Update: The Supreme Court just struck down the regulations, ruling in favor of the abortion clinics in Texas. For more on the news, click here. Ahead, a look at what that means — and all the ways the associate justices could have ruled. This story was originally published on June 6, 2016. The Supreme Court is gearing up to make a decision in a case that has the potential to change abortion rights across the country. And with only eight justices on the bench, anything could happen. At the center of Whole Woman’s Health v. Hellerstedt is the restrictive Texas abortion bill known as HB2, which threatens to leave the entirety of Texas and its 5.4 million women of reproductive age with only nine abortion providers. Though the bill applies specifically to clinics in Texas, a decision in favor of it would set a national precedent and open the door for other states to enact similar limitations on abortion. A decision to uphold the law could make abortion virtually inaccessible for women around the country.
With only eight justices on the bench, the future of this case is even more uncertain. In the absence of the still-not-replaced Justice Antonin Scalia, who passed away in February, the court is down both a traditionally conservative justice, as well as a potential tie-breaker vote. As the nomination process for a ninth justice drags on, the possibility of a tie creates an extra set of complications, including the possibility of revisiting the case — or a similar one — in the future. We've laid out a number of the possible outcomes, including what could happen if the decision is a 4-4 tie. Start at the top and work your way down to find out all the ways this important case could go, and keep reading for more background on why this case will matter to you.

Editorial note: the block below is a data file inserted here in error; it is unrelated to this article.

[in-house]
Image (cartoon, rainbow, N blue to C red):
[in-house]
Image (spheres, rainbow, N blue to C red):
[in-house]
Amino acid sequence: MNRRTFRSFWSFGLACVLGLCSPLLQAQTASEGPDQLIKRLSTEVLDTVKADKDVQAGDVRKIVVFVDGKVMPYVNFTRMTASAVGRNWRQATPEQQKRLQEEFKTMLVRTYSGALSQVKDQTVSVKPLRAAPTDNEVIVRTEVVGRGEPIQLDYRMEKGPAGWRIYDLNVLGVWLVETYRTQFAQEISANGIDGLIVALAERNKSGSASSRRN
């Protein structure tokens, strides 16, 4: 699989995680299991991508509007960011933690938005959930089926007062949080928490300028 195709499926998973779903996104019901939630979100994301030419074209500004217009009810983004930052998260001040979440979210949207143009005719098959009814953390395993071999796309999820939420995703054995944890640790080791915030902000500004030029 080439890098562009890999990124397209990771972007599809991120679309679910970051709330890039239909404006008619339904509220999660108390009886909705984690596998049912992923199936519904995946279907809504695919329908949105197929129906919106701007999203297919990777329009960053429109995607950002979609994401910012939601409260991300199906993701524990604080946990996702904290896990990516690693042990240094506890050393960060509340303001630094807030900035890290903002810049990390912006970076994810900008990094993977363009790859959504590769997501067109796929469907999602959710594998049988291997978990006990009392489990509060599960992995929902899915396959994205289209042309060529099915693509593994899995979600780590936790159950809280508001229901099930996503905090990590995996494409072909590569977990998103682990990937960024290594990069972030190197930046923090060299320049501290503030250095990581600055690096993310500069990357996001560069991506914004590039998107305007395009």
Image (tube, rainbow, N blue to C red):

What’s at stake in Whole Woman's Health v. Hellerstedt isn’t actually the legal right to have an abortion, but what states are allowed to do to regulate the procedure. The central questions are what restrictions are too burdensome for women seeking an abortion and whether the state has the right to pass laws that close abortion clinics in the name of protecting health. The Supreme Court could decide to uphold or strike down HB2 in full or in part, leaving a variety of legal outcomes with different effects at the national and state level. Key to the potential outcome of the case are the two main provisions of HB2: admitting privileges and ambulatory surgical center requirements. The first requires that doctors who provide abortions have admitting privileges at a hospital within 30 miles, something that many hospitals won’t allow, since abortion has been heavily politicized. The second mandates that facilities meet architectural regulations about medically irrelevant things, like hallway width, meaning that even if the procedure is legal, the place where it happens might not be.
The court could also weigh in on things that aren’t being directly challenged: things like bans on abortions after 20 weeks, a regulation included in the bill. In 1992’s Planned Parenthood v. Casey, the court reined in the timeframe in which a woman had the right to an abortion, something that wasn't challenged in the original case. The court ruled that a woman's right to an abortion ended when the fetus became able to survive outside the womb at about 24 weeks, moving up the deadline by about three weeks.
We won't know for sure what will happen for another few weeks — though the court doesn't issue dates for when it will release a ruling, the decision in this case is expected sometime in June. We'll be following the outcomes as they happen, so check back in with Refinery29 to see what the ruling — whatever it might be — will ultimately mean for you. CORRECTION: An earlier version of this graphic contained three errors in explaining the potential outcomes in the case. It has been updated to reflect the correct information. Refinery29 regrets the error.